But never mind, it sounded so much better. Possibly.
And there was all the artwork. Now with your failing eyesight and bifocals to hand, you could properly read the cover art. None of that faffing around with jewel cases and bits of card, you were now able to study and appreciate the sleeves in full.
How often have you heard the “isn’t it good to hold a proper record again?” refrain? You can’t underestimate the power of nostalgia. This was what music was supposed to be about. Classic records in a classic way. Side one. Side Two. It allowed older fans to wax lyrical about it all.
That’s where we ended up.
Classic albums available as full-size proper albums. It took a while. The market wasn’t flooded all at once; demand was kept high and supply was kept low. It’s gradually built up over the last few years to a point where you can get most of the “classic” albums back again on vinyl. They’re still pretty expensive yet that’s the way it goes. You can always get them on CD, but it’s not quite the same, is it?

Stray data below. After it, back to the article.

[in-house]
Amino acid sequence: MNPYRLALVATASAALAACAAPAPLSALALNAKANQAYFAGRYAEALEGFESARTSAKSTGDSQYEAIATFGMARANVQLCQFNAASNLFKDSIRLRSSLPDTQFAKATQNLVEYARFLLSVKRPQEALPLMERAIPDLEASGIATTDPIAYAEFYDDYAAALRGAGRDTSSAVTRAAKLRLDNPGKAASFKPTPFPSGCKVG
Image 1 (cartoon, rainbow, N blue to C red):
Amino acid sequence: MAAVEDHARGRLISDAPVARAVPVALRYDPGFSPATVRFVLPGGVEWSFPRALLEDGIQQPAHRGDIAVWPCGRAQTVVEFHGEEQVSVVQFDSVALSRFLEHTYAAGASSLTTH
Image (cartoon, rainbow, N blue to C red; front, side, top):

Now most of the new albums are available in both formats. One more expensive than the other. Some people, I understand, get copies of them both on CD and on vinyl. That’s what you call a money spinner.
Record shops are thriving once again. HMV has racks and racks of vinyl and as mentioned, you can now pick them up with your weekly shop in Tesco.
Everybody’s therefore very happy.
Music hasn’t been killed off, record sales are booming once again and we consumers are happy. We’ve got exactly what we want.
Or what we’ve think we want. What we’ve been told we should want. Not explicitly, but we’ve been led, sleepwalking yet again down that yellow brick road.
This is the thing.
We’ve been sold the exact same thing twice. Not only have we paid for it once, but we’ve paid well over the odds for it the second time. It’s similar to buying one car, taking it to get scrapped when it was perfectly usable and then paying four times the amount you originally paid for it ten years earlier to get exactly the same model. Never mind that the car you had in the intervening decade did just the same and more, you now have a car that gives you a “real driving experience.” It’s a classic.
The big sell regarding vinyl seems to be that “you can hear a lot more” and “the sound is better”, “it’s warmer and more human” and, wait for it, “there may be surface noise, but…etc”. Now, this falls apart for a number of very simple reasons.